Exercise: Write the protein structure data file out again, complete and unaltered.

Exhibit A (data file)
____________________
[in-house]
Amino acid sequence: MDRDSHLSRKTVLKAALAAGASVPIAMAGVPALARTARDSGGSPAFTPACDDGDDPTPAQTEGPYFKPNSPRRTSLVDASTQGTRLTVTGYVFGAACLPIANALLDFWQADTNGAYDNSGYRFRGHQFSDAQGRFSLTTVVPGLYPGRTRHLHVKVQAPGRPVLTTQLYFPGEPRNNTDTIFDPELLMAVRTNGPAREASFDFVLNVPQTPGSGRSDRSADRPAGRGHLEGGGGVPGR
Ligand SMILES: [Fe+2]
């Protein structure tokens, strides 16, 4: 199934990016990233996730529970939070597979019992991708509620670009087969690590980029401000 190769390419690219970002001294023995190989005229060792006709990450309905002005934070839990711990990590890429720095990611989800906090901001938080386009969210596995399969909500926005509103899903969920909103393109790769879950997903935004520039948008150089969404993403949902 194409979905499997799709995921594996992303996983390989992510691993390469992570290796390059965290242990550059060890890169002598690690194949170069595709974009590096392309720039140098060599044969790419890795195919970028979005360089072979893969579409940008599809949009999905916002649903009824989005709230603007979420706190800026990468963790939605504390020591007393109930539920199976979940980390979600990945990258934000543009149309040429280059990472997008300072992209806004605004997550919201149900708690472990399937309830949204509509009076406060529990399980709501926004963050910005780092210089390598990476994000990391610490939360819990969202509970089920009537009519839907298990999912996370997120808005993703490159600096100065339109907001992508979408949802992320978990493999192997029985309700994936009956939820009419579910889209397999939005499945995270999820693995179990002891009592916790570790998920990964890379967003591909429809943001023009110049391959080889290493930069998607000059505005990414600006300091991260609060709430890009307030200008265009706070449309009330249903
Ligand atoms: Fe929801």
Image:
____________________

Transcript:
[in-house]
Amino acid sequence: MDRDSHLSRKTVLKAALAAGASVPIAMAGVPALARTARDSGGSPAFTPACDDGDDPTPAQTEGPYFKPNSPRRTSLVDASTQGTRLTVTGYVFGAACLPIANALLDFWQADTNGAYDNSGYRFRGHQFSDAQGRFSLTTVVPGLYPGRTRHLHVKVQAPGRPVLTTQLYFPGEPRNNTDTIFDPELLMAVRTNGPAREASFDFVLNVPQTPGSGRSDRSADRPAGRGHLEGGGGVPGR
Ligand SMILES: [Fe+2]
């Protein structure tokens, strides 16, 4: 199934990016990233996730529970939070597979019992991708509620670009087969690590980029401000 190769390419690219970002001294023995190989005229060792006709990450309905002005934070839990711990990590890429720095990611989800906090901001938080386009969210596995399969909500926005509103899903969920909103393109790769879950997903935004520039948008150089969404993403949902 194409979905499997799709995921594996992303996983390989992510691993390469992570290796390059965290242990550059060890890169002598690690194949170069595709974009590096392309720039140098060599044969790419890795195919970028979005360089072979893969579409940008599809949009999905916002649903009824989005709230603007979420706190800026990468963790939605504390020591007393109930539920199976979940980390979600990945990258934000543009149309040429280059990472997008300072992209806004605004997550919201149900708690472990399937309830949204509509009076406060529990399980709501926004963050910005780092210089390598990476994000990391610490939360819990969202509970089920009537009519839907298990999912996370997120808005993703490159600096100065339109907001992508979408949802992320978990493999192997029985309700994936009956939820009419579910889209397999939005499945995270999820693995179990002891009592916790570790998920990964890379967003591909429809943001023009110049391959080889290493930069998607000059505005990414600006300091991260609060709430890009307030200008265009706070449309009330249903
Ligand atoms: Fe929801």
Image: